Editor Tip: Less is More

Creating effective web content is only possible when editors adhere to the rule of scannability. A scannable website allows users to quickly find information through the use of  headers and lists, which help to organize information. Scannability is also improved by minimizing the amount of content on a site. With that said, editors should only publish what is necessary to provide adequate information. In addition to scannability, there are several other reasons for web editors to keep their content to a minimum.


The amount of time required to keep a website up-to-date increases as an editor adds more content.


The possibility for errors to exist or occur also increases, as attention to detail is sometimes sacrificed to work on additional content.

Outdated Content

A website should always contain current information. It is common for an editor to forget everything they must update if the information can be found in multiple locations. Also keep in mind that the amount of time outdated information exists on the web is dependent on the amount of upkeep an editor has created for themselves.

Broken Links

Broken links will occur with time, they cannot be prevented. The best thing an editor can do is remove or update broken links in a timely manner. When the amount of content increases, the number of links often increases, and routinely testing links becomes more and more difficult.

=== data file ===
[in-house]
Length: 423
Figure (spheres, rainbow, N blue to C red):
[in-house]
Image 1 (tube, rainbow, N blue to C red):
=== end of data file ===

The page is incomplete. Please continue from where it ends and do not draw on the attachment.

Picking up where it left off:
Incorrect Search Results

Search results are dependent on the number of times a word is found and linked to pages. For example: transcript. If the word “transcript” is linked to one page throughout the website, the search engine will know to rank that page as the first result when a user searches for “transcript.” In reality “transcript” is likely to be found on a few pages throughout an academic site, and the search engine can account for that. However, if “transcript” is linked several hundred times, to multiple pages, it would become difficult for the search engine to determine which page is the most useful.

User Frustration

A user comes to a website to find information. The amount of information a user has to “sift” through increases with the size of a website, making it more difficult for that user to find what they are looking for. Maintaining a simple navigational structure and keeping content to a minimum helps ensure that a website serves its purpose.

About Dwight Nagy

Assistant Director of Web Communication at The College of Wooster and ScotBlogs Administrator
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